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PAM revisits Papa Wemba’s Le Voyageur

For the third and final in our series on classic albums recorded in Paris in the eighties and nineties during the first coming of “world music” we consider Le Voyageur by Papa Wemba.

A portrait of Papa Wemba posing on a Parisian staircase provides the cover for Le Voyageur released on Peter Gabriel’s Real World label on 12th April 1992. The record that would announce Papa Wemba’s arrival on the international scene and back home in Zaire put an end to rumours that Wemba had died (which had been circulating as a result of his long term residency in Europe) Le Voyageur stands as a canonical record of the epoch.

Recorded in Paris in Studio Plus XXX Le Voyageur is an important marker in Wemba’s career and would map out a personal brand of Congolese cosmopolitanism that would define a remarkable man. To better understand this musical stop on the journey of Jules Shungu Wembadio Pene Kikumba (better known to you and I as Papa Wemba) we must return to the town of Lubefu in what was then the Belgian Congo. 

Born in 1949 a decade before Congo won back its independence, Wemba’s mother was a pleureuse, (a professional mourner) and it was this melancholic vocal style that provided some of the earliest and most lasting musical inspiration for the young Jules. Coming of age in the so-called belle époque of artistic and cultural renaissance that accompanied independence, Wemba moved to Kinshasa in the sixties a story mirrored in the semi autobiographical 1987 film La Vie Est Belle (a sort of Congolese The harder they come) and began his musical training proper with elders Tabu Ley Seigneur Rochereau and Jean Bosco Mwenda.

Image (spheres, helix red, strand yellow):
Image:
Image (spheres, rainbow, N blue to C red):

Zaiko Langa Langa

Forming his first band Zaiko Langa Langa in 1969 Wemba would be a founding member of Isifi Lokole and then Yoka Lokole before forming Viva La Musica in 1979 within the musicians’ fiefdom of Molokai where he received his venerable nickname of “Papa.”  

At the forefront of what was the third generation of rumba musicians, Wemba then took a six year sabbatical in 1979 to join Rochereau’s group Afrisa International in Paris before curating a second lineup of Viva La Musica based in France and a loose collection of session players whom would make up the personnel on Le Voyageur.

Astute and ambitious, Wemba would eventually maintain separate bands in Europe and Congo, and Le Voyageur was thus conceived as a smoother and more polished record marketable to Europe.

Now signed to ex-Genesis musician Peter Gabriel’s Real World Records, Wemba teamed up with Shakara Mutela (real name Mutela Kalonga) and producers Sekiji Murata and Richard Moakes and began sessions that would result in the nine songs on Le Voyageur.

Opening with the salsa vibes of “Maria Valencia” a montuno or ostinato keyboard vamp sets up a groove before Wemba enters with a plaintive vocal that is answered by a humid Trumpet solo. If this first tune left anyone unsure of Wemba’s star quality, then the accompanying music video (remember this was the heyday of MTV) presented Papa Wemba to the public in all his dapper regality.